- One quart of cold water
- Two cups of brown sugar
- One cup of rock salt
- Half cup of Morton Tender Quick
Then, it’s off to the Camp Chef Smoke Vault smoker, which I’ve already pre-heated to 180 degrees and pre-smoked with a partial tray of alder chips. I prefer a moist smoked fish, so I smoke my carp fillets for 240 to 270 minutes at a steady 180 to 190 degrees. Experimentation is certainly applicable here, both with the brine recipe—note: powdered jalapeno makes for good smoked carp—as well as the smoke time.
3) Make Carp Meatballs
To be honest, I wasn’t sure I was going to like this recipe, but I’ll admit it’s pretty darn good. Using a tablespoon, scrape the flesh from a trimmed carp fillet to get rid of the pin bones. (Four nice medium-sized fillets are enough.) Next, finely-dice the fish scrapings.
With the diced carp in a bowl, add finely chopped onions, jalapenos (if you like it hot), parsley, minced garlic, salt, freshly ground pepper, a drizzle of olive oil, an egg, and a ½ cup of crushed Saltine crackers. Mix well, and form the mixture into balls roughly the size of a golf ball. Arrange in a shallow steamer or on a steamer basket, and steam for 15 minutes until flaky.
What you do with them next is up to you. I put two or three in a pita pocket, add onions, lettuce, and spicy ranch dressing to make a sandwich. They’re also good by themselves with a bit of ranch, soy/wasabi, or seasoned mayo on the side. Or you can slide four or five carp balls onto a skewer, along with cherry tomatoes, chunked peppers, and onion, and cook them on the grill.
4) Use Carp For Catfish Bait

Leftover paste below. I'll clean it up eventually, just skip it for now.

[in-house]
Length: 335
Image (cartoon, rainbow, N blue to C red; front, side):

I used common carp, quillback, and other rough fish for the following bait recipe, and found it works incredibly well for heat-of-the-summer channel cats. I start by scaling and filleting a smallish 1- to 2-pound carp with the skin on. No trimming is necessary here, as you’re not going to be eating it. Next, I cut each fillet into 1- to 2-inch cubes, depending on how big I want my bait.
The cubes then go into a clean Mason jar, along with a healthy squirt of Liquid Smelly Jelly scent, either shad or garlic. (Catfish are nothing more than swimming sensory organs, so keeping everything you throw at them clean, including your bait, is important.) Seal the jar, shake to blend, and store in the ‘fridge. The shelf life is lengthy. This DIY cutbait actually gets better with age.
Read Next: The Ultimate Guide to Fly Fishing for Carp
5) Fertilize the Garden and Feed Chickens With Carp
Big carp. Little carp. Hook ‘n line. Archery gear. Gig. Or the five-fingered things at the end of your arms. It doesn’t matter how you catch ‘em, or how big they are, carp make a fantastic fertilizer for the garden. Bury them 18- to 24-inches deep, and let the roots work their way down to the nutrients, while the slowly decaying fish liquefies and leaches throughout the soil. Container garden? No problem; use small fish, or half a carcass per container. Improvise and adjust.
And speaking of carcasses, some of our post-fillet carp go to our chickens. They love to pick at ‘em—however, I will pick up the remaining skeletons and dispose of them, so they don’t rot and attract varmints.